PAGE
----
Rotary has a mission, but Rotary also has a message. And both the mission and the message can be summarized in a single word – Service.

Creating Awareness of that service function is called Public Relations, and it starts internally, with new member orientation, meaningful induction, and mentoring in the early months of membership. It continues with Rotary Information programs, keeping even long-time members informed about the scope of world-wide membership, fellowship, and service. This “internal” public relations strengthens Rotary Awareness within our own ranks.

Public relations becomes “external” when we inform the public about Rotary. If we don’t tell them, they won’t know that Rotary provides more international scholarships than any other organization. If we don’t tell them, they won’t know that Rotarians contributed more than a half-billion dollars toward the polio eradication campaign, and that it has been Rotary manpower that delivered the vaccine to the most remote parts of the earth. If we don’t tell them, they won’t be aware of Rotary’s world peace efforts through the Rotary Centers for International Studies in Peace and Conflict Resolution.

At the local level, Rotary Clubs sponsor community projects that serve important needs. If we don’t make those services known, their benefits cannot be fully realized. And if we don’t tell the local public about Rotary, our new-member recruitment is handicapped.

Rotary Awareness is promoted in January, but Rotary Awareness is a constant challenge. Public Relations is not just the job of a designated chairman and committee. Every Rotarian represents Rotary, and it’s the job of every dedicated Rotarian to Create Rotary Awareness.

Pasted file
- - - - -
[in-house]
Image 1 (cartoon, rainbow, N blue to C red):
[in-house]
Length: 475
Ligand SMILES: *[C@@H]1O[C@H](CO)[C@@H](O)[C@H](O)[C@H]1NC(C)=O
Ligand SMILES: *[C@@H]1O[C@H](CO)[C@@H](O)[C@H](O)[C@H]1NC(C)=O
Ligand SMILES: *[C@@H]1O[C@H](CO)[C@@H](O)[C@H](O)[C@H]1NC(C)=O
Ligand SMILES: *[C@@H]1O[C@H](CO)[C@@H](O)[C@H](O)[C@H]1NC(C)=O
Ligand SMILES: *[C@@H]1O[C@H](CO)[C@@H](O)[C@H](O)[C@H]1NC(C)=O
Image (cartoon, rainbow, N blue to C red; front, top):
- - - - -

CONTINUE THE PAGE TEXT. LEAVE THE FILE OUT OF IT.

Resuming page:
Frank Deaver,
23 August 2007

January is Rotary Awareness Month – a time to learn more about our organization. The more we’re known for our good work, the more good work we’ll be able to do.

Because of The Rotary Foundation, people around the world know that they can depend on Rotary in their time of need. And as Rotarians, it is our responsibility to understand and promote our Foundation and help keep it strong.

The most important responsibility we have is also the simplest: It is leading by example. We cannot ask Rotarians to make our Foundation a priority if we have not made it a priority ourselves, by making our own donation.

This was the thinking behind President Ron’s idea of the “First Class”: In this Rotary year, every district governor has made a contribution, in his or her own name, to The Rotary Foundation. I believe that every Rotary leader should do the same. We cannot ask others to do what we are not willing to do ourselves.

Our goal in The Rotary Foundation has always been Doing Good in the World, and we have an organization of people with the right skills and connections to get the job done. We have earned the confidence of our communities and the world. We take our responsibilities very seriously.

We work hard to make sure that every dollar that is given to our Foundation is making a difference. How much good we can do is limited only by our imagination, our ambition, and our own willingness to keep our Foundation strong.

I know that you have the ambition and the imagination. So I ask you all to act on them: to support our Foundation yourselves, and to encourage others to do the same – so that all of us can do more good in a world that needs our help so much.

D.K. Lee
Trustee Chair 2013-14